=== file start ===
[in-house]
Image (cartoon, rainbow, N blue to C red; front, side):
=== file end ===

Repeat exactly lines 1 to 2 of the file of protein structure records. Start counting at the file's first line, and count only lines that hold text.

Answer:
[in-house]
Image (cartoon, rainbow, N blue to C red; front, side):